That is not the position here.
The complainant initially worked as a Finance Assistant and moved to the newly created position of HR and Facilities Coordinator. She undertook a selection of other roles in the course of providing maternity leave cover.
She had a range of general office or administrative skills, and while there was a dispute at the hearing about the precise degree of intersection of her skills and the requirements of the new position that is not the point.
That is a discussion that should have taken place as part of a selection process and based on a proper evaluation of her skillset.
The advertisement for the CEA role required a ‘degree or diploma in an IT or business-related discipline’.
Apart from that the main skillset outlined there is very general.
There was no other technical requirement that should have automatically excluded the complainant.
It can be easy to write such job specifications to deliberately exclude candidates who, only lacking the specific qualifications may nonetheless possess sufficient skills to discharge the role. While there was no evidence this is what happened in this case the complainant felt it had and said so in her email to the respondent on March 13th. The respondent’s assertion that the complainant could not have been trained for the role was unconvincing.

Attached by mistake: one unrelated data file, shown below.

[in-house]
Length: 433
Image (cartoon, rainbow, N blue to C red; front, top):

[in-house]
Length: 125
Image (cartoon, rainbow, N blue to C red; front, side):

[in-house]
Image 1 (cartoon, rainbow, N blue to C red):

While there is no guarantee what the outcome of such a process might have been an employer is nonetheless bound to implement a fair process, and not simply target the incumbent of the post which is redundant.
To start off on the basis of a presumption regarding the ‘pool of one’ with its conflation of the post and the person does not meet the requirements of the impersonality principle and suggests a predetermined outcome.
The point is that she was the only person considered for redundancy on the basis of a quite unfounded, and untested assumption regarding the range of options available.
She was given to understand at the first meeting on March 7th that she would not make the qualifications which had been set for the CEA role. Despite that the respondent’s email of March 11th confusingly stated that she could apply for a position for which she did not have a key qualification.
As noted there may, depending on the facts, be valid selection ‘pools of one’ but employers contemplating redundancy must be very wary of the temptation to short circuit the process by relying on the convenience of a pool of one, unless it can be objectively justified.